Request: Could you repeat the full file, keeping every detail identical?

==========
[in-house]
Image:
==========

[in-house]
Image: